If your business has employees, you must obtain a federal Employer Identification Number (EIN) from the IRS. Also known as Federal Tax ID Number, the number is used to identify taxpayers who are required to file different business tax returns.
To get an EIN, you need to complete an online application on the IRS website. There is no filing fee. If you are unable to apply online, you can also get an EIN by mail or fax.
4. Open a bank account.
Using a separate bank account for your business activities will simplify your accounting processes. Consult with local banks and find out about the different business bank accounts on offer.
Best Banks for Small Businesses in Michigan:
5. Register with the Michigan Department of Treasury.
If you plan on selling taxable goods and services in Michigan, you will need to register for a Sales Tax License with the Department of Treasury (DOT). In addition, if you hire employees, you will need to register with DOT for employee withholding tax.
To verify if your business requires sales tax or any additional taxes, visit the state's primary website here. You can either do an online search for a particular kind of license or view the alphabetical list.
You can register for a sales tax license online, by mail, or in person. However, the e-Registration process is much faster than registering by mail. You can receive your sales tax license within 7 business days.
6. Hire employees and report them to the State.
Federal law requires employers to report newly hired and returning employees to the Michigan New Hires Operation Center. Any new hires have to be reported within 20 days of their hire date. This process has to be repeated every time you hire a new employee. Returning employees who have been separated from your business for 60 consecutive days must be reported as a new hire.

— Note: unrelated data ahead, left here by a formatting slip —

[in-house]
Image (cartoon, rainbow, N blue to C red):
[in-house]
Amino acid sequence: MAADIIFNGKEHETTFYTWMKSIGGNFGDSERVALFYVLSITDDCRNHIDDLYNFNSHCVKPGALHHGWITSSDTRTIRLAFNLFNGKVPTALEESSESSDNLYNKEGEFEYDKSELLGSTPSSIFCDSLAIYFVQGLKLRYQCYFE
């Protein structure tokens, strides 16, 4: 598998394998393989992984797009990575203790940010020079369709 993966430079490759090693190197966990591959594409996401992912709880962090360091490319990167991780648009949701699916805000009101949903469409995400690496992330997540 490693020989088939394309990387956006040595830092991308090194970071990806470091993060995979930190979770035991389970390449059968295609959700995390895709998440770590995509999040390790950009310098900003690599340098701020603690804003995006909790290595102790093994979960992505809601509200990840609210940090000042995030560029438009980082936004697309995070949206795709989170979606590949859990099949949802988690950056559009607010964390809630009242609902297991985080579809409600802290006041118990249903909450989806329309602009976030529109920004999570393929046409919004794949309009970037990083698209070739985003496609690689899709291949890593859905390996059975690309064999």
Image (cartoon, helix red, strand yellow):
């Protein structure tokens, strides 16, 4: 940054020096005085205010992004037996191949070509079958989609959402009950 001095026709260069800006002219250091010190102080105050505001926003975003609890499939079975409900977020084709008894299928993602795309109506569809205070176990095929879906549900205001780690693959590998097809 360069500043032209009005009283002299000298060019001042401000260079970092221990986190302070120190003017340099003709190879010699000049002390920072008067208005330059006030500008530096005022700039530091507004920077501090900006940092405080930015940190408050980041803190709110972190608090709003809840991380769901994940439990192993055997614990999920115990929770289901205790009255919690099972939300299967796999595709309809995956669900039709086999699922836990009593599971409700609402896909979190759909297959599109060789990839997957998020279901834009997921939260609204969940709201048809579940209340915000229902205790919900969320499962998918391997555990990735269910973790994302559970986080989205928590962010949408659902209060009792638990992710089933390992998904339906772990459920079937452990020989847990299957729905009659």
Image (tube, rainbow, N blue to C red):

The easiest and most efficient way to report a new employee is by reporting online. You also have the option of applying via mail or by fax. Simply download the form and fill in the proper details. The mailing address is available on the form.
7. Obtain appropriate state licenses and permits.
To legally operate your new business, you will need to comply with federal, state, and local government laws and regulations. In Michigan, not every business is required to obtain a business license. However, licenses are issued by various state agencies for specific types of business, activities, and services.
For example, a food service license is required if you plan on starting a restaurant.
To view the full list of licenses and permits from the State of Michigan, go here. For some professions, there are special licenses required. To get information about professional and occupational licenses, go to the Bureau of Professional Licensing (BPL).